Five years after the release of their last critically acclaimed album, The Bats return with album number nine, ‚ÄúThe Deep Set‚Äù. With the title conveying the long established and firmly embedded, it‚Äôs notable that it‚Äôs thirty years since The Bats began recording their debut album in the living room studio of a friend of a friend in Glasgow. This time around they recorded in The Sitting Room, the studio-sleep out-garage next to Ben Edward‚Äôs house in Lyttelton, following in the footsteps of Marlon Williams, Nadia Reid and many others.
With Edwards help ‚ÄúThe Deep Set‚Äù continues The Bats‚Äô 21st century resurgence. Yes, this is The Bats so the chords still chug, the guitars chime, ring, and jangle, the melodies are clear and memorable, the rhythm section is unstoppable. But the band mines the darker, deeper sound that 2011‚Äôs ‚ÄúFree All the Monsters‚Äù revealed.
The songs remain reflective but that oft-expected sweet folksiness pops up less frequently. As the title suggests the music is richer, expansive, deeper. In their fourth decade as a band familiarity has come to mean a more careful treatment of each song. Is it maturity? It definitely translates into more depth and complexity but hey the songs are still as catchy as all hell. And as a lyricist, Robert Scott continues his mastery of the personal and pastoral, the landscape and longing.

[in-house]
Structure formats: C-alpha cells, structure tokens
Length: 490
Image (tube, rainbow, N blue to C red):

As always the key to The Bats is the emotion that their (seemingly) simple songs carry. They continue to mine that Mainland melancholy; the kind that somehow never risks being depressing. But of course that means there is lament and nostalgia, even if it‚Äôs only for last night.
Taking us from the sun of Otago‚Äôs Taieri River to darkest Durkestan and apparently ending in the midst of contemporary New Zealand politics, ‚ÄúThe Deep Set‚Äù continues the composed confidence of their recent albums with one of The Bats‚Äô strongest sets of songs, fueled by ever-more powerful guitars. If you grew up with The Bats their early recordings will always pull at your emotions but while less vulnerable and immediate than on their classic debut album, The Bats of the 21st century somehow manage to be more intimate and urgent.